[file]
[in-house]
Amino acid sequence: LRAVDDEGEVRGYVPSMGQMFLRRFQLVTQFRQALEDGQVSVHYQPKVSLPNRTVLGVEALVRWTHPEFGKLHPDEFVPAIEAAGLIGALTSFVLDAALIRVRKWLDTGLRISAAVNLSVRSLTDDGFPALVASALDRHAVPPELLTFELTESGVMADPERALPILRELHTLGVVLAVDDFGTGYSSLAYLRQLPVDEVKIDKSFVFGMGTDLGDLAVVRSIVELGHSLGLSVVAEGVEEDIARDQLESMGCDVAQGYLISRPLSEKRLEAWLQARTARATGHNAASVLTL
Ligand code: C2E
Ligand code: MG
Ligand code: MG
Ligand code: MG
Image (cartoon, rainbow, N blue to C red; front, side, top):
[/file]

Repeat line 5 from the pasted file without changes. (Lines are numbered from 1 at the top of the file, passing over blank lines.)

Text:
Ligand code: MG